Australian company takes a down-to-earth view of India's future

March 2016

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A Brisbane-based geospatial technology company is helping India plan its future growth.

Geospatial information identifies where natural, built or cultural objects are located relative to the Earth. In today’s interconnected world, combining location with other data helps governments to clarify economic, environmental and social issues such as infrastructure development and conservation, and respond to natural hazards like floods.

AAM Pty Limited specialises in collecting, analysing and delivering geospatial information. Founded in 1959, the firm now has almost 500 professionals and custom aircraft at work in Australia, New Zealand, the Middle East, South East Asia and Africa.

AAM uses airborne laser scanning and high-resolution imagery to analyse everything from expanses of landscape to individual pieces of machinery. It works across mining, oil and gas, infrastructure, utilities, government, forestry, environment, finance and insurance industries.

This expertise is of significant value to India, which continues to grapple with issues such as economic growth, conflicting land use, resource management and infrastructure planning.

AAM is investing $10 million in India over the next three years via a joint venture with Hyderabad-based Skye IT Solutions.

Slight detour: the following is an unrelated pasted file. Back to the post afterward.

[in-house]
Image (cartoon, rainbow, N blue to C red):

Skye IT Solutions contributes local knowledge and understanding of how to win and undertake geospatial projects in India. By working in a joint venture, AAM India will bring a new level of geographic information system services to South Asia.

Government legislation previously limited the collection of geospatial data within India. Those restrictions were recently lifted, leaving India with the local capacity to process geospatial data, but few resources to design, acquire or tailor the data to meet its requirements.

Over the past decade, AAM has regularly visited India for projects and conferences. While knowing that it wanted a permanent presence in India, timing was vital to deciding when the market had developed to the point where a local presence would enable AAM to capture a larger share of the emerging geospatial market.

David Jonas, AAM Business Development Manager for Asia, says it was during a conference in Hyderabad in January 2014 that the balance tipped from ‘potential’ to ‘happening’ in the local geospatial market, giving AAM the confidence to take the plunge.

‘We wanted a permanent presence in India and considered all possible models,’ Jonas says.

‘With a major presence in South East Asia and having been active in the Indian market for a decade, the AAM brand was well known and trusted in India, and this supported starting our own office.

‘However, we wanted the new venture to be an Indian company, not an Australian company working in India. Launching on our own would have cost more and taken much longer.’

Selecting an existing local partner also gave AAM established infrastructure, legal representation, contacts and business registrations for an immediate start, as well as an existing workflow to help fund the new operation.

‘AAM India is now a self-sufficient entity in the AAM Group,’ says Jonas.

‘It’s managed day-to-day by experienced Indian professionals, and it’s strategic direction is set by combining our Indian colleagues’ local market and business insight with Australians’ global market and technical expertise.’